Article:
Review: IN THE WAKE OF WETTLAUFER (at the Blyth Festival)

by Lynn on August 31, 2019

in The Passionate Playgoer

At the Blyth Festival, Blyth, Ont.

Written by Kelly McIntosh and Gil Garratt

Directed by Gil Garrat

Set and costumes by Dariusz Korbiel

Lighting by Rebecca Picherack

Sound by Lyon Smith

Cast: Caroline Gillis

Nathan Howe

Rachel Jones

Robert King

Jane Spidell

A brave attempt to examine the effects of the murders of helpless seniors by nurse Elizabeth Wettlaufer, that gets muddled when too many story lines get in the way.

The Story. The feisty Blyth Festival has been doing original Canadian theatre in that little community for 45 consecutive seasons. The plays deal with the life and world around that community.

In the Wake of Wettlaufer was co-written by Kelly McIntosh and Gil Garratt. It deals in part with four siblings trying to deal with their father Frank’s rapidly developing dementia, and with the fall out caused by the deaths of several vulnerable senior citizens in several nursing homes over the yeas at the hands of nurse Elizabeth Wettlaufer.  Frank was in one of the nursing homes where Wettlaufer worked. Frank raged at a nurse and the suggestion is that it was Wettlaufer.

It’s an indictment of a health care system that did not protect its elderly patients; that seemed to refuse to fire Elizabeth Wettlaufer when there were complaints, letting her resign instead.

It’s also about the frustrations of four siblings who seem at odds to know the best way to care for their father who is suffering from dementia.

The Production and Comment. Gil Garratt directs the production with confidence. The action generally takes place around a dining room table.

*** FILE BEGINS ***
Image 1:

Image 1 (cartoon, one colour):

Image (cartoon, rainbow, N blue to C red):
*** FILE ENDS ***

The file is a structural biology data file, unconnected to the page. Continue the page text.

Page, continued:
The siblings obviously don’t get along; long-seated animosity? Lynn is the one who stayed to take care of their father Frank as her siblings scattered across the country. Rachel Jones plays Lynn with a sense of exhaustion, worry and resignation. She carries the burden the others don’t have to. Jane Spidell plays Mary who has her own demons and tries to hide them. Brenda is played by Caroline Gillis with compassion. Their brother John is always working, never there to help but is ready to take over without conferring with his siblings. Nathan Howe plays John with a fine sense of arrogance and a closed-mindedness that makes you grit your teeth.  The excellent cast methodically. realizes all the frustration when one sibling tries to take over or doesn’t share information. The focus of all their concern is their father Frank. Robert King brings out the frustration of a man who doesn’t know what is going on in his head, thinks he’s perfectly fine and is angry at those around him. It’s a performance that builds to a shattering explosion.

But the play is a problem because it doesn’t know what it wants to be: a story about a dysfunctional family or an indictment of the health care system.

We see how these siblings don’t get along in Act I. At the end of Act I we see Lynn answer her phone—she says she always has it on in case the nursing home calls—and look stunned at what she is hearing. We never learn what the call was about. We surmise that Frank is dead, but we aren’t sure.

Act II seems to leave that story and deal with the trial of Wettlaufer and how she slid through the system with people covering their butt and hers and not firing her. Much of the dialogue is a taped recording of people at the trial. A large segment is the voice of Justice Eileen E. Gillese who was appointed commissioner of the Public Inquiry into the Safety and Security of the Residents in the Long-Term Care Homes System. Her comments are devastating.

In Act II the siblings are not even sure if their father was one of Wettlaufer’s victims and it’s never revealed.

The playwrights, Kelly McIntosh and Gil Garratt, over-wrote the ending. After a long estrangement Lynn and John agree to disagree but move on with their lives closer than before. The play should end there.  But McIntosh and Garratt added a flash-back scene in which Frank is speaking at his wife’s funeral. He recalled many lovely moments the family enjoyed and that they should hold on to those moments. It’s as if those memories are to override the animosity they have shown each other for the whole play.

A cheat.  Please cut the scene, it has nothing to do with the play we have been watching.

It’s brave of the Blyth Festival to tackle such a thorny subject, but this play needs another pass to cut the extraneous bits and flesh out the characters more so there are less holes in the story.

The Blyth Festival presents:

Began: Aug. 2, 2019.

Closes: Sept. 6, 2019.

Running Time: 2 hours and 15 minutes, approx.



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